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By Erik Ortiz

While tech giants Facebook, YouTube and Apple booted content by conspiracy theorist and far-right radio host Alex Jones this week, one company resisted purging him from its platform: Twitter.

Now, after a torrent of criticism from those accusing Jones and his site, Infowars, of peddling false and damaging conspiracies, Twitter CEO Jack Dorsey defended his decision in a series of tweets Tuesday night.

"We know that's hard for many but the reason is simple: he hasn't violated our rules," Dorsey tweeted. "We'll enforce if he does. And we'll continue to promote a healthy conversational environment by ensuring tweets aren't artificially amplified."

He added that the company is holding Jones to the same standard as every other user rather than "taking one-off actions to make us feel good in the short term, and adding fuel to new conspiracy theories."

He also said it's up to journalists to document and vet accounts such as Jones' so that "people can form their own opinions."

Dorsey's reasoning was not well received by Emily Horne, the former head of global policy communications for Twitter, who pushed back against the idea that communications were to blame.

"If I still worked for you, I’d have advised you to frame this as a sign that if current Twitter policies permit verified accounts to encourage followers to harass/harm people offline, then the policies aren’t working as intended & Twitter is looking hard at the way forward," she tweeted.

Twitter is in the midst of an effort to promote "healthy conversation," hiring outside researchers to study the platform and make recommendations on how to promote "openness and civility."

In a post about its rules, Twitter said on Tuesday that it has recently updated a list of "abusive behaviors" that could get an account taken down, including making unwanted sexual advances, sharing intimate photos of someone or threatening to expose or hack another person.

The policy also mentions hateful conduct that includes "abusive usernames" and imagery, as well as glorifying violence and violent extremist groups.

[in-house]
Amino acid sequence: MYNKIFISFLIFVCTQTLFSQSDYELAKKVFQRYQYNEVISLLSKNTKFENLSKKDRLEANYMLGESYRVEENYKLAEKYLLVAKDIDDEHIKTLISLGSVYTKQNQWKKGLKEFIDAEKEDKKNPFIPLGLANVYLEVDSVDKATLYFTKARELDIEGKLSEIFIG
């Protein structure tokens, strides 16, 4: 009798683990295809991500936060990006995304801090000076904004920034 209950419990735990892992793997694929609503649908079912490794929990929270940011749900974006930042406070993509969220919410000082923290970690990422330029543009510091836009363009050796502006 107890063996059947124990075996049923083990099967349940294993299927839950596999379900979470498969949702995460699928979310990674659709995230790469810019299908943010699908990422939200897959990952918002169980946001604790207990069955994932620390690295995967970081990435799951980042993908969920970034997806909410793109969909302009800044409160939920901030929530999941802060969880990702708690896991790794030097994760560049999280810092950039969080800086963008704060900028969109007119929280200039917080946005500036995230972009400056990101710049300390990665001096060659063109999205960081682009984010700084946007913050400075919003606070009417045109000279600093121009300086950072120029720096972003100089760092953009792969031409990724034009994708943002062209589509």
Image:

Earlier this year, Dorsey said publicly that the company has grappled with regulating abuse — from Russian bots to alt-right agitators to trolls.

Twitter has at times pulled the plug on recognizable accounts for violating its service. Two years ago, former Breitbart editor Milo Yiannopoulos was banned after leading the harassment against "Ghostbusters" star Leslie Jones.

And last fall, Twitter made the notable move of scrapping official verifications — blue check marks — on the accounts of prominent white nationalists.

Facebook and YouTube have said users who violate their policies repeatedly can be yanked from their platforms; Jones and Infowars had millions of subscribers on each.

Jones is known for perpetuating hoaxes, including falsely claiming the mass shooting at Sandy Hook Elementary School in 2012 was staged by actors. Families of the victims have filed lawsuits against him for defamation.

On Twitter, he continued to tell his more than 858,000 followers that his ouster from other social media platforms remains a matter of free speech — and questioned if other conservative voices will be similarly targeted.

"It's about whose speech and ideas are favored and whose are opposed," his account tweeted early Wednesday.